The NCAA on Friday said cities looking to host future championship games must submit details by Aug. 12 about how they will protect participants from discrimination, a move that could hurt North Carolina’s chances of landing future games.
The announcement came one day after the NBA said it was moving the 2017 All-Star Weekend from Charlotte over a controversial North Carolina law known as House Bill 2.
Cities that have already been awarded games will face a separate questionnaire deadline, which will be determined later, the NCAA said. Greensboro is scheduled to host men’s college basketball tournament games in 2017, followed by Charlotte in 2018.
North Carolina Gov. Pat McCrory in March signed HB2, which mandates that transgender individuals must use the bathrooms in government buildings that correspond to the gender identity on their birth certificates. HB2, a reaction to a Charlotte ordinance, also sets a statewide definition of nondiscrimination that excludes gender identity and sexual orientation.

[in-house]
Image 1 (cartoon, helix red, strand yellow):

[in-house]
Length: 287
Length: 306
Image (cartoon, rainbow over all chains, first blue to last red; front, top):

Passage of the law has caused sports organizations, performers and others to boycott the state. Supporters say the law protects individual privacy. The NCAA has said it’s monitoring events in the state.
In April, in response to actions by legislatures in North Carolina and other states, the NCAA’s Board of Governors adopted a new requirement for sites hosting or bidding on NCAA events in all divisions. The hosts must show how they will provide “an environment that is safe, healthy and free of discrimination and also safeguards the dignity of everyone involved in the event,” the organization said.
Cities bidding for games now must complete a questionnaire from the NCAA detailing any local anti-discrimination laws. One of the questions asks: “Does your city, county/parish and/or state regulate choice of bathrooms or locker rooms that may affect student-athletes, coaches, administrators, or game officials during the Event?”
The NCAA said committees for each of its 90 NCAA championships will use the questionnaire information to ensure they award championships to cities that meet all hosting requirements.
“We are committed to providing a championship experience within an inclusive environment for student-athletes, coaches, administrators and fans,” Mark Lewis, NCAA executive vice president for championships and alliances, said in a statement. “With the Board of Governors’ direction, we are taking steps to assure that anyone associated with an NCAA championship event will be treated with fairness and respect.”